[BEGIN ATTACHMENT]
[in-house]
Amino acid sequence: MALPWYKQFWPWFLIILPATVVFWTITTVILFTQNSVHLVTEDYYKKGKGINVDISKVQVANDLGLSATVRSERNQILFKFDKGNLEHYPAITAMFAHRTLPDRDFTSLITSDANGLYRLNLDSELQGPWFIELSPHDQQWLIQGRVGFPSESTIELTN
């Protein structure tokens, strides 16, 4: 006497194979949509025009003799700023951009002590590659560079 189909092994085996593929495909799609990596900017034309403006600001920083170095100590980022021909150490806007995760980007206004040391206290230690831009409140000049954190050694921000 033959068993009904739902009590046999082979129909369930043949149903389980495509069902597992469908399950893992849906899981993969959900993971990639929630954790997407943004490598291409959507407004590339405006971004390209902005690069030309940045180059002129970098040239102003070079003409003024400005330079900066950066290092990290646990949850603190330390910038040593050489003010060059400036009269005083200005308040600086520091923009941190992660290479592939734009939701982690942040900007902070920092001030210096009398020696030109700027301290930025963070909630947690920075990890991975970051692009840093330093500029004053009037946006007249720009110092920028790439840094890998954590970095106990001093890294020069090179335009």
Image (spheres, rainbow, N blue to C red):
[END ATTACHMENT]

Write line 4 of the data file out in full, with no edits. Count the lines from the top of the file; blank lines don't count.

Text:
Image (spheres, rainbow, N blue to C red):